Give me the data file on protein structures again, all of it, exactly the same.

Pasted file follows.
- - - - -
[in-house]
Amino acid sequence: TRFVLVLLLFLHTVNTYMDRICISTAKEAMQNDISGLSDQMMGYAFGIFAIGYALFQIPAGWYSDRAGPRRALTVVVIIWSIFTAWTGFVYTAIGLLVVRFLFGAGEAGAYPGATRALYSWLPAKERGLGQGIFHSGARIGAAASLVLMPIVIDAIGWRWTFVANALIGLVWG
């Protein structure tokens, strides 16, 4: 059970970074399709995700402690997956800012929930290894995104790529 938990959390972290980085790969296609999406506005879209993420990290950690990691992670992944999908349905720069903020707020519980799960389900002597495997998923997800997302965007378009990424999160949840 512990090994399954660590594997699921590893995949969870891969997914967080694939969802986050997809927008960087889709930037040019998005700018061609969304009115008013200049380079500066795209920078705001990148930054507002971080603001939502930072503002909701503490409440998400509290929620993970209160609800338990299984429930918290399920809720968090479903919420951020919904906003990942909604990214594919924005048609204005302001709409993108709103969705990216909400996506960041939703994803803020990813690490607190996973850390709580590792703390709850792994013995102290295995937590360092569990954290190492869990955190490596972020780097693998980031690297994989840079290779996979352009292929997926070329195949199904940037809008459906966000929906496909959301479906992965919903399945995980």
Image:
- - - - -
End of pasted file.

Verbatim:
[in-house]
Amino acid sequence: TRFVLVLLLFLHTVNTYMDRICISTAKEAMQNDISGLSDQMMGYAFGIFAIGYALFQIPAGWYSDRAGPRRALTVVVIIWSIFTAWTGFVYTAIGLLVVRFLFGAGEAGAYPGATRALYSWLPAKERGLGQGIFHSGARIGAAASLVLMPIVIDAIGWRWTFVANALIGLVWG
């Protein structure tokens, strides 16, 4: 059970970074399709995700402690997956800012929930290894995104790529 938990959390972290980085790969296609999406506005879209993420990290950690990691992670992944999908349905720069903020707020519980799960389900002597495997998923997800997302965007378009990424999160949840 512990090994399954660590594997699921590893995949969870891969997914967080694939969802986050997809927008960087889709930037040019998005700018061609969304009115008013200049380079500066795209920078705001990148930054507002971080603001939502930072503002909701503490409440998400509290929620993970209160609800338990299984429930918290399920809720968090479903919420951020919904906003990942909604990214594919924005048609204005302001709409993108709103969705990216909400996506960041939703994803803020990813690490607190996973850390709580590792703390709850792994013995102290295995937590360092569990954290190492869990955190490596972020780097693998980031690297994989840079290779996979352009292929997926070329195949199904940037809008459906966000929906496909959301479906992965919903399945995980």
Image: